The Other Side of the Sea is a contemporary piece for solo performer that uses music, poetry, and projection to explore the relationship between language, memory, and identity. The sea provides a central motif through which to consider the way the mind retains fragments of text, image, and sound at different levels of consciousness. The project began its development in residency at Aldeburgh Music last summer, where Héloïse, Jessie, and Octavia took the Suffolk coast and Snape Maltings as inspiration for setting musical, visual, and textual elements. The three parts evolved simultaneously throughout a profoundly collaborative process.
Inspired by Héloïse’s experience of adopting English as a second language, The Other Side of the Sea seeks to articulate the tension of an identity split linguistically, in this case between French and English. It explores the spaces between person/performer and mother tongue/second language, drawing parallels between Héloïse’s identity as a performer, the operatic tradition, and the performed identity of a life lived in a foreign tongue.
With Emily’s direction, the piece evolved to make dynamic the relationship between writer and performer by dramatizing their shared process, which is another kind of translation. The libretto is interrupted by a series of texts which recur and evolve: recorded conversations, Jacques Prévert’s poem Le cancre (which French children are typically taught to recite in school), and a ‘confessional’ text in which Héloïse attempts to explain, using words replaced by a series of abstract sounds, the peculiar experience of adopting a new language and culture. Meanwhile, the projection incorporates footage filmed on the Suffolk and Kent coasts, and images from Héloïse’s childhood. Projected onto a shell-like structure, Jessie’s films identify a physical site for the mental and emotional experience of the piece as the coast of England, looking out to an imagined France.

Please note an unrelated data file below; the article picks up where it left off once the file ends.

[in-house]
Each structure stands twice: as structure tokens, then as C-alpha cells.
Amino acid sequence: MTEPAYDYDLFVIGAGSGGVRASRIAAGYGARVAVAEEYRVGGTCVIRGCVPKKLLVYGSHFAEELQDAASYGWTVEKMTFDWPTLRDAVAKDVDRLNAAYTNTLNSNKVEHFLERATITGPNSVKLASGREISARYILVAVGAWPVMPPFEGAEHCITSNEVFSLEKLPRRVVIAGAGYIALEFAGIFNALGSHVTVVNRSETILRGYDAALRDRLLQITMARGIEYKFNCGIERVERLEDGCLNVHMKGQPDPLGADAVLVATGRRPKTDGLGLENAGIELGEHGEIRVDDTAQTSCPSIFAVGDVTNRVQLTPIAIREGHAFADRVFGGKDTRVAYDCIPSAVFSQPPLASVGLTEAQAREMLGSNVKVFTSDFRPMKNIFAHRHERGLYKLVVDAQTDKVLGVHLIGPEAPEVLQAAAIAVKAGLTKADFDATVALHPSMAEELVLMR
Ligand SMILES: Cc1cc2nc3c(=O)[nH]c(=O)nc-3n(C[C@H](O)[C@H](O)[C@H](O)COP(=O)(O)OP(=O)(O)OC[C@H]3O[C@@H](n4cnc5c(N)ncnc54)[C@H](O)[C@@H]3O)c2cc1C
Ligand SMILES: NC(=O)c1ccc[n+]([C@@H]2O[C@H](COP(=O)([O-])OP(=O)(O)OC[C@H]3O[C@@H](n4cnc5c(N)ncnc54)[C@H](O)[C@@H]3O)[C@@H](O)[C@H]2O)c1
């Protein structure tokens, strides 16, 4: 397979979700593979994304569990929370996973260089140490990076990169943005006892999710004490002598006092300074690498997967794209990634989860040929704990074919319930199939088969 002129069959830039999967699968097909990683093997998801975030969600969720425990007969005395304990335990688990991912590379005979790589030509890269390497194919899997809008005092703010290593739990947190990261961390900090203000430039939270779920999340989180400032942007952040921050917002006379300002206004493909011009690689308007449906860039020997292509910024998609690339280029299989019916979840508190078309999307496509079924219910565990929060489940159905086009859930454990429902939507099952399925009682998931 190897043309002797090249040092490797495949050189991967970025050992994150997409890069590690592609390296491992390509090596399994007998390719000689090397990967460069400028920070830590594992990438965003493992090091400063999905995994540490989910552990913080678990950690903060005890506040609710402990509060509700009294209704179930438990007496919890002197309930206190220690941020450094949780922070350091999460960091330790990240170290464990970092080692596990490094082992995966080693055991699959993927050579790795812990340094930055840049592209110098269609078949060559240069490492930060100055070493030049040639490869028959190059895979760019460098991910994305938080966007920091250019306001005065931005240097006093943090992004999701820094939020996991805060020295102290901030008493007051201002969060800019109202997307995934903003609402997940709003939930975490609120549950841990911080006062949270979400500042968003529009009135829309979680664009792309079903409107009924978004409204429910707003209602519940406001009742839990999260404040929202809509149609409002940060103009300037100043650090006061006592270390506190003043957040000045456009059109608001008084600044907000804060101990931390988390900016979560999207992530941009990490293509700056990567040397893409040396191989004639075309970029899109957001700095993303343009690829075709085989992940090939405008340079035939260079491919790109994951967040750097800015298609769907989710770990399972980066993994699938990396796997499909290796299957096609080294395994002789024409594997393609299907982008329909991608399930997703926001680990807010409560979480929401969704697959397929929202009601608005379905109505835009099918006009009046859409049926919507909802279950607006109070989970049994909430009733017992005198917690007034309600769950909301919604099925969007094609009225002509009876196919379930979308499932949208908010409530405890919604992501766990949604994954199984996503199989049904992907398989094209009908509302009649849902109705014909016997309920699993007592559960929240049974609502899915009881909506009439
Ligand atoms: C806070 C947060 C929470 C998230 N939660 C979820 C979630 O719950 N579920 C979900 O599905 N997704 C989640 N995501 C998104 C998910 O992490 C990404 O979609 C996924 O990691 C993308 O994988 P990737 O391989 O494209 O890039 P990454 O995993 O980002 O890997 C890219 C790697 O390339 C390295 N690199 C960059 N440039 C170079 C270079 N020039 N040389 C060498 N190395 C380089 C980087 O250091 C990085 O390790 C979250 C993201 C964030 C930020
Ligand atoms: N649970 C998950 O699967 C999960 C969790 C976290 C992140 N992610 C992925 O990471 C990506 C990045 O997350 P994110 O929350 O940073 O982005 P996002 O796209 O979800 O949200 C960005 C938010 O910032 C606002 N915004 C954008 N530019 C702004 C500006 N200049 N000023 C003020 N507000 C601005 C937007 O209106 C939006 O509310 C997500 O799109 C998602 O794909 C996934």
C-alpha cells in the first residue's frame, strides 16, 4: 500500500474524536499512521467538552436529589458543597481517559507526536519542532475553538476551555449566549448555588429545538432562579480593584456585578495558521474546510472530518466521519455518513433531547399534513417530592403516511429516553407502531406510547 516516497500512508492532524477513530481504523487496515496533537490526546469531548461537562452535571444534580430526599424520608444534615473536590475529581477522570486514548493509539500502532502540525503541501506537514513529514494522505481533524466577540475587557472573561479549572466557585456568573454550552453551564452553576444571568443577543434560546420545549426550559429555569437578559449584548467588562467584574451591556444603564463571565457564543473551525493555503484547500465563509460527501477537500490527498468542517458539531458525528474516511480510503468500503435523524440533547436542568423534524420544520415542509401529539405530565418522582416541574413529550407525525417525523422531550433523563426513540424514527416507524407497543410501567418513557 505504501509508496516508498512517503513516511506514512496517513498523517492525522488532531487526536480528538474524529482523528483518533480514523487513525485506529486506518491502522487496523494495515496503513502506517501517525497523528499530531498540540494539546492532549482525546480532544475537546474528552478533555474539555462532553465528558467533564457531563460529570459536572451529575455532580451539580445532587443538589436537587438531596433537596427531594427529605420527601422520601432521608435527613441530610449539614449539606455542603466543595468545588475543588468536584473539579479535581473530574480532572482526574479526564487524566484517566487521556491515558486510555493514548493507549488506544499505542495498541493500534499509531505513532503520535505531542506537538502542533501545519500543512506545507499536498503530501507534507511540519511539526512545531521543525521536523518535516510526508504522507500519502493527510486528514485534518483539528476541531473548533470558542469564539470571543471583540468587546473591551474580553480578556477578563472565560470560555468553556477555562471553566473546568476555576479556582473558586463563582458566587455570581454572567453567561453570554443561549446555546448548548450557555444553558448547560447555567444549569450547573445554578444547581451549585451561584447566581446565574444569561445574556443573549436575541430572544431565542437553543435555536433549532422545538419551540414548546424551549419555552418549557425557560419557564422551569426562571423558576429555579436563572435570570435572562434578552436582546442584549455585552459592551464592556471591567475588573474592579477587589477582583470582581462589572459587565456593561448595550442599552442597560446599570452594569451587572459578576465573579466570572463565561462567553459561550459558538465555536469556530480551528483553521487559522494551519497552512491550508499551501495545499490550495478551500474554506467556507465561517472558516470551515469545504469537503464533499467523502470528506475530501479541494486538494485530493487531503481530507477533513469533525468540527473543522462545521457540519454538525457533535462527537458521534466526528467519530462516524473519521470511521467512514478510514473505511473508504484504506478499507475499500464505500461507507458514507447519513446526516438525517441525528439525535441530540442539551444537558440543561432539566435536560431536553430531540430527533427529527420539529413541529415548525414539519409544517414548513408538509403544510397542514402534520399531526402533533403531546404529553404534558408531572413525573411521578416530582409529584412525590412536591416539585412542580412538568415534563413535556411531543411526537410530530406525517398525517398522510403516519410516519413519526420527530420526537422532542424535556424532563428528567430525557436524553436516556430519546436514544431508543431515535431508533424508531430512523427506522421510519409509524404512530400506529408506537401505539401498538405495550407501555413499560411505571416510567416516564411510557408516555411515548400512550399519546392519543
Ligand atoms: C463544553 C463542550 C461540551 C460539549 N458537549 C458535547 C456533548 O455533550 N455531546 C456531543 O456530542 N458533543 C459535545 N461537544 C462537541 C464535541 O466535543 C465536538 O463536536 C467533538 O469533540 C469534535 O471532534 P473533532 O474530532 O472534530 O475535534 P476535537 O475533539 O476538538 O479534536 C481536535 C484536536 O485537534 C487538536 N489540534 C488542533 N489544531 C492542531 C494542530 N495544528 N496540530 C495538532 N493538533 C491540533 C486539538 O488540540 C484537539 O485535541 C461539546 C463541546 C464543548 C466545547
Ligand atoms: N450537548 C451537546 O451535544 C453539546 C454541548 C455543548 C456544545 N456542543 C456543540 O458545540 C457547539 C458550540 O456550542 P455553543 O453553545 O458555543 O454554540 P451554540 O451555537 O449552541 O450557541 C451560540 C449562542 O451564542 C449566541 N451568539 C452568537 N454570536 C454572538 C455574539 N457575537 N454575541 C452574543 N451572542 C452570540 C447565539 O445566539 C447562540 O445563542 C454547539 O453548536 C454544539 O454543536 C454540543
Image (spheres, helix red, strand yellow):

Act One situates us on the stony shore at Aldeburgh beach, grounding us in a tangible place from which the piece can then move through a process of abstraction. Act Two confirms the mouth of the performer as a portal for the texts of others, and crescendos to a frenzy of frustration, which traces the motion to Act Three, which represents an eventual expression of an integrated self, aided by and discovered through the process of performance.
The Other Side of the Sea is generously supported by the Michael Cuddigan Trust.
Monday 2nd July, The Cockpit London
Saturday 7th July, Aldeburgh Church
Performer & composer: Héloïse Werner
Writer: Octavia Bright
Director: Emily Burns
Projections: directed & shot by Jessie Rodger
Set: designed by Jessie Rodger & built by Brett Cox